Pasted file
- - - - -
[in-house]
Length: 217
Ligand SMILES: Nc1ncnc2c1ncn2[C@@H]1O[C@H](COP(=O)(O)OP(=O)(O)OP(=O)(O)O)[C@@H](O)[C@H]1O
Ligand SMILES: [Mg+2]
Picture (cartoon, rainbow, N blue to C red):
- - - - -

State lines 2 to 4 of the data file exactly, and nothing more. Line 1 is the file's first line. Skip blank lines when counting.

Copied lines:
Length: 217
Ligand SMILES: Nc1ncnc2c1ncn2[C@@H]1O[C@H](COP(=O)(O)OP(=O)(O)OP(=O)(O)O)[C@@H](O)[C@H]1O
Ligand SMILES: [Mg+2]